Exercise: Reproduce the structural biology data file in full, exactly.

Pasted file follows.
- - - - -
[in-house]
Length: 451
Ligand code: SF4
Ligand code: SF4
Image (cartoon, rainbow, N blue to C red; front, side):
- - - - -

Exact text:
[in-house]
Length: 451
Ligand code: SF4
Ligand code: SF4
Image (cartoon, rainbow, N blue to C red; front, side):